Car Buying Articles
Which Car Buying Service Is Best for You?
From Concierges to New Online Services
If you decide to get an expert's help when you're buying your next car, you still might need help choosing the right service for your needs. You might consider using a car-buying concierge, AutoNation Direct's car-buying service or the car-buying services offered by AAA and discount clubs such as Costco. And finally, if you decide on a more traditional approach, you could use a car broker.
Here are quick descriptions of what the services offer:
Car concierges work for either a flat fee or a percent of what they save you on the purchase price of the car. A car concierge will advise you on your choice of vehicles, negotiate the best price, review the contract and arrange to have the vehicle delivered to your home or office, where contracts are signed. While car concierges charge an upfront fee, they promise to negotiate a low price that yields net savings for the buyer.
AutoNation Direct is a free service that taps into a network of 200 AutoNation outlets across the country. Buyers work with a car-buying consultant who advises what new or used car to buy, locates the car from AutoNation's inventory, arranges test-drives at the dealership, gives a price for a trade-in and concludes the entire transaction at the buyer's home or office. While the service is free, the prices might not be the very lowest. However, the buyer gets expert consultation and a choice of cars from a large inventory.
Club car buying services, such as those offered by Costco and AAA, are free to members and promise improved pricing. The services usually point buyers to a representative at a designated dealership who provides upfront pricing. Club car buying services seem to work well for commonly available cars. Beyond that, personalized service will be limited.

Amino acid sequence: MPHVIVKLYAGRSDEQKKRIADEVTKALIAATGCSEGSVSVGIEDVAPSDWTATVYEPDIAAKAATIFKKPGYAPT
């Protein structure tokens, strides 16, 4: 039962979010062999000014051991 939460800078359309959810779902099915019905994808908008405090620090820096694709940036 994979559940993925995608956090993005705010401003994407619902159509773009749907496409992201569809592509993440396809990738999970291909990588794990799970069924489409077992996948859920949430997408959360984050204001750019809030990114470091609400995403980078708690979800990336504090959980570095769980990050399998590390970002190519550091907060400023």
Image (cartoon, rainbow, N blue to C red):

Car brokers are paid by the dealer, so it is a free service for the car buyer. The broker will find the vehicle, negotiate a price and have the car delivered. Sometimes, however, the broker will also get a fee from the dealer, which raises the question of whether he negotiated the very best price for the buyer. Furthermore, the broker might only buy from dealerships with whom he has relationships, so the choice of vehicles is limited.
All of these services are beneficial for car shoppers whose time is tight. They all locate the cars and do the negotiating, which is the step most consumers hate. All the services offer a certain level of protection, keeping an unprepared car buyer from being thrown into the wheeling-and-dealing car buying arena, where buyers can lose money on the trade-in, financing and the purchase of unneeded aftermarket products — or a combination of all three.